Holocaust survivor praised for bravery in standing up to Home Secretary
A HOLOCAUST survivor was praised for her “courage” after confronting Suella Braverman for using “hate language” to speak about refugees.
Joan Salter, whose family fled the Nazis after she was born in 1940, questioned the Home Secretary for her earlier use of “dehumanizing” language in relation to refugees and asylum seekers.
The Home Office took the unusual step of issuing a public statement on the incident on social media, confirming that it had asked the human rights organization that originally shared it to remove the video.
Responding to a Freedom from Torture tweet that said they were “asserting our position” by leaving the video online, Salter said: “On Friday I confronted Suella Braverman’s use of hateful language. She refused to apologize.
“We must always challenge the language of hate. The Interior Ministry requested the removal of the video. They don’t seem to realize that we are still a democracy.”
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She was praised by others on social media, who applauded her for taking on the Home Secretary.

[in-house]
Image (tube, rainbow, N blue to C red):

Scottish opera singer Cheryl Forbes also praised Salter, tweeting: “Joan, you have shown so much courage. Many people were moved by your words, including me.
“Unfortunately, Suella Bravermans are everywhere, but if the kind and good people shout loud enough, we will win.”
Meanwhile, journalist and author Otto English said Salter’s intervention should give the Home Secretary a “pause”.
He said: “When a Holocaust survivor rebukes the Home Secretary for her offensive and inflammatory use of language against migrants, then perhaps the Home Secretary should pause to think.
“Getting the official Home Office account to continue the attack is not the appropriate response.”
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Comedian Susie McCabe said: “This is nonsense, a Holocaust survivor is calling Suella Braverman about her divisive and hurtful language she regularly uses and the Home Office wants her removed.
“We’re not North Korea, we’re supposedly a democracy and if we are, the video should stay.”
Braverman was heavily criticized during last year’s Tory party conference after she said it was her “dream” to fly a plane full of asylum seekers to Rwanda for deportation under Britain’s deal with the African nation.
Less than a week into her tenure as home secretary under Prime Minister Rishi Sunak, Braverman described her task as “ending the invasion of our southern coast.”
Salter’s life is chronicled on the Holocaust Memorial Day Trust’s official website, which notes that she was born to Polish Jews in Belgium just months before Nazi Germany invaded.
The family managed to escape and was put on a boat to America, departing from Lisbon, Portugal in 1943 – only being reunited with her parents in London in 1947.